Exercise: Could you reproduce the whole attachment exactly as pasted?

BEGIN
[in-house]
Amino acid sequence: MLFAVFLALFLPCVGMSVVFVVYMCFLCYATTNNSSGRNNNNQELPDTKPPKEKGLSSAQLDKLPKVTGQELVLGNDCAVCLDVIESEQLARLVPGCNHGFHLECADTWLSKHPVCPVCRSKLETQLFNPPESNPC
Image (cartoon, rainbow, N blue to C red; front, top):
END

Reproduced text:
[in-house]
Amino acid sequence: MLFAVFLALFLPCVGMSVVFVVYMCFLCYATTNNSSGRNNNNQELPDTKPPKEKGLSSAQLDKLPKVTGQELVLGNDCAVCLDVIESEQLARLVPGCNHGFHLECADTWLSKHPVCPVCRSKLETQLFNPPESNPC
Image (cartoon, rainbow, N blue to C red; front, top):